Greener Journal of Agricultural Sciences
ISSN: 2276-7770; ICV: 6.15
Vol. 6 (10), pp. 312-315, November 2016
Copyright ©2017, the copyright of this article is retained by the author(s)
Research Article (DOI: http://doi.org/10.15580/GJAS.2016.10.102616172)
The Evaluation of Concentrate and Forage Combination on the Performance and Litter Weight of New Zealand Rabbit
Monica Ogochukwu Ironkwe and
*Anthonia Ijeoma Ukanwoko
Department of Animal Science, University of Port Harcourt. P. M. B. 5323 Choba, Port Harcourt, Rivers State, Nigeria.
Article No.: 102616172
Twenty sexually matured New Zealand white rabbits were used to study the effect of concentrate and forage (Calopogonium mucunoides and Panicum maximum) combination on the productive and reproductive performance of the rabbits. The treatments comprised the following concentrate and forage combinations (%): A = 100:0, B = 50:50, C = 25:75 and D = 0:100. The sixteen does were randomly allotted to the four treatment diets in a Completely randomized design. The does were housed singly, served with feed twice daily and portable water provided ad libitum. Results showed significant (P<0.05) differences in the final weight, body weight gain, daily feed intake, feed conversion ratio and feed cost of the treatment diets. Final weight was 3075.0g for does on diet A, 2943.75g for does on diet B, 2875.0g and 2887.5g for does on diets C and D respectively. Daily feed intake was highest for does on diet D (500.9g) and the least for does on diet A (88.32g). Diet A had the best feed conversion ratio (0.84), followed by diets B (2.41), C (3.29) and D (6.93). Cost of feed was highest in diet A (N2077.6) and was decreasing as the percentage of forage in the diets increased. There were also significant (P<0.05) differences in the litter size at birth and weaning, average litter weight at birth and weaning. Litter size at birth and weaning were 6.75, 6.72; 7.75, 7.75; 7.25, 7.21 and 5.75, 5.69 for diets A, B, C and D respectively. Diet B proved superior and hence recommended.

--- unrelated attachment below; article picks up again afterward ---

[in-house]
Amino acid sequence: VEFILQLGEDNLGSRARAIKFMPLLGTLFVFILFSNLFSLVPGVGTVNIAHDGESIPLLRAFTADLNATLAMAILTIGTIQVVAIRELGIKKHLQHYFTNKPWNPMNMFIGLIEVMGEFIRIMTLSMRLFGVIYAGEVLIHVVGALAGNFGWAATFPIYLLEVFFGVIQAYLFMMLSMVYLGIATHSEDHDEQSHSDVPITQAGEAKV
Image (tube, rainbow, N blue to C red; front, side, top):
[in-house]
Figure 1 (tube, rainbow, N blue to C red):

Anthonia Ijeoma Ukanwoko
E-mail: ndutonia@ yahoo. com
Body weight gain, feed conversion ratio, final weight, litter size at birth, litter size at weaning
Nigeria like many other developing countries of the world has a protein deficiency gap, especially that of high animal protein. Rabbits will bridge the protein deficiency gap created by the protein inadequacy of traditional livestock (Iheukwumere and Okoli, 2002). Rabbits can be raised on cheap and readily available forages (Linga and Lukefahr, 2000) because they have been reported to utilize fibrous feeds efficiently (Leng, 2006). They have short gestation length, short generation interval, early sexual maturity and high prolificacy (Effiong and Wogar, 2007; Adeyemo et al., 2013). Rabbits are efficient converters of feed to flesh (Adeyemo et al., 2014).
Yusuf et al. (2010) recommended 16% crude protein and 12 – 15% crude fibre diet for rabbits. This can be met by feeding rabbits with concentrate and or forage. Panicum maximum (Abu et al., 2008) and Calopogonium mucunoides (Nwagu et al., 2010) have been reported to be acceptable to rabbits. Though rabbits have been found to perform best on concentrate (Farinu, 1994), the high cost of grains has caused animal scientists to shift to forages which are cheap and available.
This study was therefore aimed at evaluating the effect of concentrate and forage combination on the performance and litter weight of New Zealand rabbit.
MATERIALS AND METHODS
Location of the study